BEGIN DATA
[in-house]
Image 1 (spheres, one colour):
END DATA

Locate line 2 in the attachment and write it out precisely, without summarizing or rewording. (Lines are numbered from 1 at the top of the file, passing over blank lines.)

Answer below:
Image 1 (spheres, one colour):